As well as showing staff that your organisation plans to prevent stress, it needs to document how it will help potential sufferers
Formalising an approach to tackling stress with an occupational stress management policy is a good way to show a commitment to tackling stress in the workplace.
Vanessa Sallows, underwriting and benefits director at Legal & General, says: “A formal stress policy will show employees you are serious about protecting their health and wellbeing. As well as outlining the steps that employees can take to deal with stress it will also help to create a culture where they feel they can talk about issues relating to it.”
The Health and Safety Executive has guidelines on what should be included in a stress policy (see box on page 16) and includes a sample policy on its website (www.hse.gov.uk/stress).
Two key areas need to be covered by a stress policy. The first of these will entail the organisation setting out the steps it will take to prevent stress. “This will include reference to risk assessments and stress audits but will also include details of the training and education you will provide to managers and employees,” says Sallows.
Training is particularly important in preventing stress. This can cover a number of areas such as stress awareness in order to help employees identify symptoms of stress in themselves and others, and management training to enable managers to monitor and assess risks. For example, it may be useful to train managers to monitor workloads so employees are never over-stretched and at risk of stress.
The stress policy should also make reference to any tools that are in place that help employees look after their mental wellbeing, such as an online stress audit. Jacky Gerald, training product manager at Employee Advisory Resource, explains: “After spending a couple of minutes answering questions about how they’re feeling, the employee receives a printout giving them advice on how to improve their health and stress levels.”
As well as detailing how the organisation will prevent stress, the second key area that the policy needs to cover are the steps that will be taken if an employee is suffering from stress.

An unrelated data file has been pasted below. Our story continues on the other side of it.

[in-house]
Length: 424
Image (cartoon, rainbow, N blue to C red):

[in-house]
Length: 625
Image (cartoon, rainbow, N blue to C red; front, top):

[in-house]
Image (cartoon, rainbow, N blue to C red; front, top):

Professor Iain Densten, professor of leadership and director of the Lancaster Leadership Centre at Lancaster University, says: “Include details of feedback loops so employees know what they need to do if they’re stressed.” Where employees are directed to seek help will depend on the organisation and available resources but examples could include their line manager, human resources, a trade union representative or an employee assistance programme. It is prudent to include several options, especially as an employee may be experiencing stress as a result of the line manager they are being encouraged to approach.
It is also important to ensure that managers are trained not only on how to identify the signs of stress in employees, but also on how to approach employees who are suffering from stress. Gill Weston, consultancy services manager at Bupa, explains: “It’s not always easy for a line manager to talk to their employees about stress and what’s causing it.” In these circumstances, she says having external support can be particularly helpful. “If an employee is experiencing a personal problem and the manager feels uncomfortable about talking about it, they can provide support by referring them to an employee assistance programme or other helpline. This shows the employer cares,” she adds.
Once the policy has been formulated, it needs to be made readily available so that employees are aware of it. This could include placing it in the staff handbook, on the intranet and making reference to it in relevant training and awareness days.
Health and Safety Executive stress policy
The Health and Safety Executive (HSE) provides a useful stress policy template to show what should be covered which is, as follows:
Introduction This sets out the reason for the policy, for example to protect employees’ health and wellbeing, as well as stating who is affected by it.
Definition of stress The HSE’s definition provides a good starting point. This is “the adverse reaction people have to excessive pressure or other types of demand placed on them”.
Policy This identifies the steps the organisation will take to tackle stress in the workplace. This could include details of risk assessments, training, counselling and other resources.
Responsibilities This details the responsibilities of every party involved in tackling and dealing with stress, for instance managers, human resources, occupational health, any trade union, safety representatives and the employee. For example, this could entail stating that employees should raise any issues with their manager or occupational health division and accept counselling if they are offered it.
The HSE also recommends that the policy is signed and ratified by both the employer and an employee representative as this will add to its credibility.